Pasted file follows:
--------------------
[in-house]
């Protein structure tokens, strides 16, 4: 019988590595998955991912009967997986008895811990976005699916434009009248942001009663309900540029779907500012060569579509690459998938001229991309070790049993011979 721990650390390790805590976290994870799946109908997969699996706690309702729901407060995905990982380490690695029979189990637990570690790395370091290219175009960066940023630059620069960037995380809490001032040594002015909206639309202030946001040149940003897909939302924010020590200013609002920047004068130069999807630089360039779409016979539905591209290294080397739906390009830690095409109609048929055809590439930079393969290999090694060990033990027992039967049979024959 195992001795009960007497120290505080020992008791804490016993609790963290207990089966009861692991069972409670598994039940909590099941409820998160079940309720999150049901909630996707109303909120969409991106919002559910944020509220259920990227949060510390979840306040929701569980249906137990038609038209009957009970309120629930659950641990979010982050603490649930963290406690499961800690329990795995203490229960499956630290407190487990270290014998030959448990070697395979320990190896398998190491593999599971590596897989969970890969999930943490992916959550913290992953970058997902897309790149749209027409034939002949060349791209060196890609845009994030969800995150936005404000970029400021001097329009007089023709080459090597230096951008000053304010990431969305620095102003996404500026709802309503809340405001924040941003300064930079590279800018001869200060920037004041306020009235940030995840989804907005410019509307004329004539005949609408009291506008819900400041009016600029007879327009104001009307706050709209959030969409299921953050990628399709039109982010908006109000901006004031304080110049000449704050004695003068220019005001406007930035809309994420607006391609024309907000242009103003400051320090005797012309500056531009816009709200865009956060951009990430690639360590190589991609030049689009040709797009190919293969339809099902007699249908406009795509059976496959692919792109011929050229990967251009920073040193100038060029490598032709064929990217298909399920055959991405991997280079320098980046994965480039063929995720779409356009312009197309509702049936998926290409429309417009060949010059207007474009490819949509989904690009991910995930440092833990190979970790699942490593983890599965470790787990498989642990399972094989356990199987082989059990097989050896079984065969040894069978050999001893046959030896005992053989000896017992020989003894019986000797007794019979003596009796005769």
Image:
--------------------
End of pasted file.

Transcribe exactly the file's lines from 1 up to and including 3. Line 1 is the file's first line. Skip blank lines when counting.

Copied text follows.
[in-house]
């Protein structure tokens, strides 16, 4: 019988590595998955991912009967997986008895811990976005699916434009009248942001009663309900540029779907500012060569579509690459998938001229991309070790049993011979 721990650390390790805590976290994870799946109908997969699996706690309702729901407060995905990982380490690695029979189990637990570690790395370091290219175009960066940023630059620069960037995380809490001032040594002015909206639309202030946001040149940003897909939302924010020590200013609002920047004068130069999807630089360039779409016979539905591209290294080397739906390009830690095409109609048929055809590439930079393969290999090694060990033990027992039967049979024959 195992001795009960007497120290505080020992008791804490016993609790963290207990089966009861692991069972409670598994039940909590099941409820998160079940309720999150049901909630996707109303909120969409991106919002559910944020509220259920990227949060510390979840306040929701569980249906137990038609038209009957009970309120629930659950641990979010982050603490649930963290406690499961800690329990795995203490229960499956630290407190487990270290014998030959448990070697395979320990190896398998190491593999599971590596897989969970890969999930943490992916959550913290992953970058997902897309790149749209027409034939002949060349791209060196890609845009994030969800995150936005404000970029400021001097329009007089023709080459090597230096951008000053304010990431969305620095102003996404500026709802309503809340405001924040941003300064930079590279800018001869200060920037004041306020009235940030995840989804907005410019509307004329004539005949609408009291506008819900400041009016600029007879327009104001009307706050709209959030969409299921953050990628399709039109982010908006109000901006004031304080110049000449704050004695003068220019005001406007930035809309994420607006391609024309907000242009103003400051320090005797012309500056531009816009709200865009956060951009990430690639360590190589991609030049689009040709797009190919293969339809099902007699249908406009795509059976496959692919792109011929050229990967251009920073040193100038060029490598032709064929990217298909399920055959991405991997280079320098980046994965480039063929995720779409356009312009197309509702049936998926290409429309417009060949010059207007474009490819949509989904690009991910995930440092833990190979970790699942490593983890599965470790787990498989642990399972094989356990199987082989059990097989050896079984065969040894069978050999001893046959030896005992053989000896017992020989003894019986000797007794019979003596009796005769």
Image: